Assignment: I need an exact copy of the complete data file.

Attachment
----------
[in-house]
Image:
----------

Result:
[in-house]
Image: